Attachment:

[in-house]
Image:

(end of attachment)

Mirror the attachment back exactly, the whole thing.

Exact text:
[in-house]
Image: